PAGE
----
In some countries indulging in an occasional drink during the 38 weeks of pregnancy is considered acceptable, but in the United States the practice verges on taboo. Obstetricians frown upon it, government guidelines heartily discourage it, and a pregnant woman sipping a glass of wine in a restaurant is commonly the recipient of raised eyebrows and looks of disgust.
And indeed, research has linked heavy alcohol consumption during pregnancy with health and developmental problems in children; However, the effects of low level consumption have been less clear.
But now a new study may shed some light on the topic. Published in BJOG: An International Journal of Obstetrics and Gynaecology, the findings suggests that light drinking (up to two drinks per week) during pregnancy is not linked to unfavorable behavioral or cognitive outcomes in childhood.
Working with data from the Millennium Cohort Study, a national study of infants born in the U.K. between 2000-2002, the researchers set out to find whether light drinking in pregnancy was linked to adverse developmental in 7-year-old children.
The study collated information on more than 10,000 7-year-olds, identifying social and emotional behavior, including hyperactivity, attention or conduct problems. The children were also tested for cognitive abilities in math, reading and spatial skills.
Groups included in the sample were mothers who never drank, those who abstained during pregnancy but otherwise did drink, light drinkers during pregnancy, and heavier drinkers during pregnancy.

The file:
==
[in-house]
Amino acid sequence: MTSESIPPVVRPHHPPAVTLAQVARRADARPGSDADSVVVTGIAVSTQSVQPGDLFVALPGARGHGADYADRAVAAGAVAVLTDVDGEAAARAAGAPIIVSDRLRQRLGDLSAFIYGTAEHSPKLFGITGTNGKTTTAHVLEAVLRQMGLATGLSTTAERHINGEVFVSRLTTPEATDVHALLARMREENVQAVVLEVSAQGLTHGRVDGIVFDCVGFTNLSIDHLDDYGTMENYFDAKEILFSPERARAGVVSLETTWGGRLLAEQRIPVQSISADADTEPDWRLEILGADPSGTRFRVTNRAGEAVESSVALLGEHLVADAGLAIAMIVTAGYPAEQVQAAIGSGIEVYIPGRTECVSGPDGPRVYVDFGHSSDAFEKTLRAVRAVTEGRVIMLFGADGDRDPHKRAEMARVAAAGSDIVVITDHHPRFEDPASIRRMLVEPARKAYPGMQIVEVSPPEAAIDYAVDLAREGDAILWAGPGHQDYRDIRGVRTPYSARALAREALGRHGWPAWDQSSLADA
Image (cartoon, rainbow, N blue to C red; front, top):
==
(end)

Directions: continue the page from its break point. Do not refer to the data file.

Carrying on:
Looking at the results from children born to mothers who were light drinkers and those who abstained altogether during pregnancy, the researchers found that children born to light drinkers were shown to have less behavioral difficulties than those born to mothers who didn't drink during pregnancy. However, the difference was not enough to be significant.
In addition, children born to light drinkers were found to have higher test scores compared to children born to non-drinkers, but again, these differences had little statistical significance, except for reading and spatial skills in boys.
The authors of the study conclude that while children born to light drinkers appeared to have more favorable developmental profiles compared to those born to mothers who did not drink during pregnancy, after statistical adjustment, these differences largely disappeared.
Professor Yvonne Kelly, co-director of ESRC International Centre for Lifecourse Studies (ICLS) at University College London and co-author of the study said, "There appears to be no increased risk of negative impacts of light drinking in pregnancy on behavioral or cognitive development in 7-year-old children.”
She added, “While we have followed these children for the first seven years of their lives, further research is needed to detect whether any adverse effects of low levels of alcohol consumption in pregnancy emerge later in childhood."
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